Booster dose for infected people | Quebec turns around


After encouraging infected people in mid-January to receive a booster dose as soon as the symptoms of COVID-19 end, Quebec did an about-face on Friday. It is now better to wait eight weeks after recovery, said the government, saying it is based on an opinion from the Committee on Immunization of Quebec (CIQ). However, in the opinion in question, the CIQ considers that it is preferable to wait for new vaccines that are more effective against the variants.

Posted yesterday at 8:31 p.m.

The Ministry of Health and Social Services (MSSS) states “ [maintenir] its recommendation for people who have had the disease to get a booster dose, respecting however the minimum interval of eight weeks”. This government advice concerns people who have received a positive PCR test as well as those who have obtained a positive result from a rapid test “with significant symptoms”, the statement read.

However, the Ministry had indicated on January 12 that all Quebecers could obtain a booster dose as soon as their symptoms were over. In “the current epidemiological context”, the booster dose offers better protection against the Omicron variant, had written the MSSS.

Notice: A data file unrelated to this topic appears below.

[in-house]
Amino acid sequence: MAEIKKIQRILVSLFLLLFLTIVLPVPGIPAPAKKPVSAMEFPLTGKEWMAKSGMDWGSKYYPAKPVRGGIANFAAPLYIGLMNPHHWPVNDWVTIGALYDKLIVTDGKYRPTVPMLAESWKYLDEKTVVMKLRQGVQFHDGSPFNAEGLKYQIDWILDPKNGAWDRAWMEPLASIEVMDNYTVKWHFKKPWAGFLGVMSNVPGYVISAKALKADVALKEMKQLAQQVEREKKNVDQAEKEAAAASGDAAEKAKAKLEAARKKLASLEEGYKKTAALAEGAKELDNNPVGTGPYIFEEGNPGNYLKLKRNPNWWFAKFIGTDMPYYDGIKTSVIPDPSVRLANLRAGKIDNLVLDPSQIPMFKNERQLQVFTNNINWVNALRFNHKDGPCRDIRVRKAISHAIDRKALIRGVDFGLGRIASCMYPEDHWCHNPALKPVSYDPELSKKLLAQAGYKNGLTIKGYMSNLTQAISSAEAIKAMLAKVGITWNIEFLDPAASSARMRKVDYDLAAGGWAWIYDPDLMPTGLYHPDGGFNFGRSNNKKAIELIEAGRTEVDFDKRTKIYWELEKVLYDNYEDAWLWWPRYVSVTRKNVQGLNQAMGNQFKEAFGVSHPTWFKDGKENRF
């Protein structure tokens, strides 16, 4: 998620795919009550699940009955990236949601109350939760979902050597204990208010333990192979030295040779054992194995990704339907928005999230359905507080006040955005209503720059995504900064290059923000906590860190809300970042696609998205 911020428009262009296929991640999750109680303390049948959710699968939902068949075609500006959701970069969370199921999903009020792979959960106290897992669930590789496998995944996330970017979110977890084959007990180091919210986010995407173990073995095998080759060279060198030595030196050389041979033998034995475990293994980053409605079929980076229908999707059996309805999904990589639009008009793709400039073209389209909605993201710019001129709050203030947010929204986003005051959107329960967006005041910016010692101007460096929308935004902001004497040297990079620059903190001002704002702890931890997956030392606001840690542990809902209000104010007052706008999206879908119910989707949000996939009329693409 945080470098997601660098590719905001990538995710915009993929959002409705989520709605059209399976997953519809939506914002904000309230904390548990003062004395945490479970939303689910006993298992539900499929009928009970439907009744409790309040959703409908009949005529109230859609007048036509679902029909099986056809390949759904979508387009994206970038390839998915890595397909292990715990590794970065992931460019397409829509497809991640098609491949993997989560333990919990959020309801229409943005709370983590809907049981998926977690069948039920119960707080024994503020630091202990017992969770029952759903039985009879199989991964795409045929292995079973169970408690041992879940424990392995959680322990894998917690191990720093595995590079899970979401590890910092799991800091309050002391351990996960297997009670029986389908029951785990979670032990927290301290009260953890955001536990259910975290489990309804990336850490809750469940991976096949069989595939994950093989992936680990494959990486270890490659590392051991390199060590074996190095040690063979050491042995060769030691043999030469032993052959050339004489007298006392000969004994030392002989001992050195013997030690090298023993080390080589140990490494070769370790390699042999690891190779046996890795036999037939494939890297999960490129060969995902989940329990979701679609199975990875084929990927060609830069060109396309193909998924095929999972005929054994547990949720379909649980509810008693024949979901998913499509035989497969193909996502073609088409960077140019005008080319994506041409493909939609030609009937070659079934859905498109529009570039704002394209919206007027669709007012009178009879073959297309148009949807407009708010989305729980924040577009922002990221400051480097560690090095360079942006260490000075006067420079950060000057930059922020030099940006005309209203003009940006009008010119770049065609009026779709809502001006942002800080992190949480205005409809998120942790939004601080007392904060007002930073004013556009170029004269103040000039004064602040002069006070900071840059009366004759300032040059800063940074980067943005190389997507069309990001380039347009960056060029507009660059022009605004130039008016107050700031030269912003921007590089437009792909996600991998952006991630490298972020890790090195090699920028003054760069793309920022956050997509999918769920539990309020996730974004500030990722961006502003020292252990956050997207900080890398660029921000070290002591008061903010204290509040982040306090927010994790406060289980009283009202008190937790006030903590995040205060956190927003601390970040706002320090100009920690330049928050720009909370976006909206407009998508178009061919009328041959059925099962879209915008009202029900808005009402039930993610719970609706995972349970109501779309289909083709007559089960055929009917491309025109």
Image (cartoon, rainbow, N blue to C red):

In the notice issued Friday by the National Institute of Public Health of Quebec, on which the Ministry relies, the CIQ says however that it does not know whether the administration of a third dose increases the immune response in a person recently infected and doubly vaccinated. In this specific case, obtaining a booster dose quickly “seems to be of little use”, writes the CIQ. “Waiting for new vaccines that offer an extended range of protection would be the best option in this case,” the advisory reads.

By respecting the interval of eight weeks after infection, but ideally waiting three months, “a previously infected person who requests it” could receive a booster dose, writes the CIQ.

People who are unsure of having had COVID-19 or who have not been able to access a PCR test “can get their booster dose as quickly as possible,” writes the MSSS.

With the collaboration of Henri Ouellette-Vézina, The Press



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